(Soundbite of laughter)

Sen. CARDIN: So we just want to invite you - as a baseball fan, we want to invite you to an Oriole game, and we promise it will not be when the Yankees are playing so you can root for the Baltimore Orioles.

(Soundbite of laughter)

Judge SOTOMAYOR: That's a great invitation. And good morning, Senator. You can assure your Baltimore fans that I have been to Camden Yards. It's a beautiful stadium.

CONAN: And other very controversial matters. Probably the endorsement of the New York Yankees the most controversial thing she has said in her hearings so far these last couple of days. What do we learn in these hearings, Charles Ogletree?

Prof. OGLETREE: Well, one thing. I don't everybody got the memo. The memo that went around made clear Barack Obama is not a candidate for the Supreme Court. What he says, what he believes is irrelevant. Sonia Sotomayor's writings are mainstream, very pragmatic. She's not a threat to our Constitution. But third, that this is an important process. It's a transparent process.

I'm so glad that the senators are doing their responsibility about the Constitution by asking tough questions, trying to see what a candidate thinks, trying to assure that they follow the law. But the reality is that nothing they do is going to assure that Republican or conservative, liberal or Democrat. But what they can do is let the American people know, I've done my job, carried out my duty, by asking important questions for someone who has an unprecedented lifetime on the court.

So I do think they're doing their job. And I think that she's doing her job by letting us know that the law matters, not what I say, what I feel, but what I do and what I've done for the last 17 years.

CONAN: Hmm. And by the way, we have been informed, when we just came on the air, Al Franken was quizzing Judge Sotomayor about Perry Mason cases. Indeed, he was asking about the case that Perry did not win, the only one. We've been informed it was the case of the deadly verdict from the 17th of October, 1963. But, of course, it was not Perry's fault. His client withheld evidence that Perry required to win. So, well, that was the one case that Perry Mason lost.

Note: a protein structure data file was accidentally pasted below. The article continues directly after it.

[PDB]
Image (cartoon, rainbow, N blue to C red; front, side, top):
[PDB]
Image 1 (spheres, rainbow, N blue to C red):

Prof. OGLETREE: Perry's still undefeated. That's…

CONAN: Perry is still undefeated.

Mr. SAVAGE: I didn't know he'd lost one.

CONAN: Indeed.

Prof. OGLETREE: He did one.

CONAN: And I'm also told that indeed there were guest lawyers when Burr was recovering from surgery. That, of course, the actor who played Perry Mason, including Bette Davis in "The Case of the Constant Doyle" episode number 6-16 from 1963. David Savage, it's interesting we get such an interesting look into early 1960's television in the case of Judge Sotomayor. We're talking with Charles Ogletree and with Neomi Rao and, of course, David Savage. You're listening to Special Coverage from NPR News.

And, David, as you go back through this, we - so much of what we've been hearing in the last few days seems to be about these senators settling scores about what they - what was done properly and improperly in previous cases of Supreme Court nominees and, to some degree, marking the ground for the future.

Mr. SAVAGE: Yes. In the past, I recall mentioning to my colleagues in the office that this is sort of like them covering the Israelis and Palestinians. There's this endless long back and forth fight. And when you cover the Judiciary Committee, you always go up there and they start referring to the previous nominations, when your side did this and we did that and you held up the hearing or you filibustered or threatened - that seems to be the Judiciary Committee for a long time has been sort of an unhappy family.

Prof. OGLETREE: It is the - I have thought from the beginning that this hearing seems very much like the flipside of the Sam Alito hearing from two or three years ago. He was a well-qualified solid Appeals Court judge. The Republicans had a majority. You almost knew he was going to be confirmed. He basically explained his cases and didn't say much. The Democrats criticized him, voted against him; he was confirmed.